Miller averaged 63 catches, 745 yards, and four TDs in 2009-2010, led the leading the Raiders in every major receiving category, and even garnered his first Pro Bowl selection in 2010. He then spurned a chance to resign with Oakland, in lieu of a more lucrative contract with Seattle. Since serious questions enveloped the QB position with his new team, fantasy owners were aware that his numbers could decline. He became the 14th TE selected, with an ADP of 130. But that modest investment was still far too hefty, as Miller’s output plummeted sizably with the Seahawks. Even though he participated in 15 games, he ranked a lowly 41st among all TEs in yardage with 233, and improved just slightly to 37th in receptions (25). Worse, he failed to find the end zone during the entire season. Unless a radical change occurs at the QB slot, Miller is not worth drafting.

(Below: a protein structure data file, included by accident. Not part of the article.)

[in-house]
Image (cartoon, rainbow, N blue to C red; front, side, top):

Phil is a proud Hoosier, who relocated in Nebraska, and began playing fantasy football nearly 20 years ago. In his first ever draft, he had the third overall pick and selected Barry Sanders. That choice was instantly mocked by several other owners, but Sanders ultimately scored 14 touchdowns and generated 2,358 total yards during an exceptional season. That instantly taught Phil a very important lesson – even though none of us will forecast with 100% accuracy, you should follow your gut instincts whenever you truly believe in a player. Phil began his writing career with RotoWire, later joined Fanball, and has since returned home to the Gridiron Experts. He remains firmly convinced that the key to happiness can be found through a subscription to the Sunday Ticket.